In the more recent works, some researchers tended to combine different features which can complement each other in order to implement robust tracking. For example, Xu et al. in [9] proposed a novel tracker which extracted both gray and color information as the feature maps to compute the maximum response location via correlation filters. The KCF tracker, which is trained using a single image patch with size centered around the target, is utilized for tracking. Another tracking algorithm based on multiple features with an improved scale-updating scheme is proposed in [10]. They integrated HoG, color naming, and intensity feature. Kernel methods on the basis of the STC algorithm are used to fuse these features to implement tracking. The region of object is represented by a bounding box and the experimental results demonstrate that it is promising for various scenarios. Moreover, in [11] Han et al. presented an adaptive multifeature representation for visual tracking. More specifically, they exploited the internal relationship among three complementary features, that is, HoG, color naming, and LBP, by incorporating the idea of cotraining to build an efficient correlation filter framework which is used for tracking. In [12], the author focused on the issue regarding multispeaker tracking by jointly exploiting auditory and visual features in their feature spaces. The visual observation they used is a combination of bounding box provided by a head detector and an audio observation consisting of binaural features extracted from two-channel audio recordings.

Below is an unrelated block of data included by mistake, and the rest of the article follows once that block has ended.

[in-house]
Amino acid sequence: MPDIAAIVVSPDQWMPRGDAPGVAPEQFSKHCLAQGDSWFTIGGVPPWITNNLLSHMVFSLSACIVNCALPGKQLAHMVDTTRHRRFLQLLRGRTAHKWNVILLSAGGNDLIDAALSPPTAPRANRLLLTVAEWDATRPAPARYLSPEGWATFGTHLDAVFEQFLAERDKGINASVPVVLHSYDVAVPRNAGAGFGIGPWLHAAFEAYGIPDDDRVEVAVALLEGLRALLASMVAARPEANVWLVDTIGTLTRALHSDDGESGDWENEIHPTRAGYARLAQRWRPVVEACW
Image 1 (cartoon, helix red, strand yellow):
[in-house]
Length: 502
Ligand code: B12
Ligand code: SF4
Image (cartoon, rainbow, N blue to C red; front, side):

This paper proposes a framework for implementing levels of detail in tracking based on chained particle filter. Particle filter (PF) uses a dynamic model to guide the propagation of the state estimation within limited subspace of target measurement [13]. This method provides a robust Bayesian framework for sensor-based tracking of human motion. First we propose an enhanced particle filter implementation based on RGB frames. It offers a faster convergence of the estimate where at each sample the prior distributions of the particles are defined based on the physical constraints associated with the expected movements of the tracking body. A 3D bounding box is then used as a coarse level of detail to represent the location and coarse spatial range of the human body movements for gait analysis. Our second contribution is cascading information from the previous region of interest of the moving body in a form of 3D box with another depth-based particle filter to track points of interests on human body.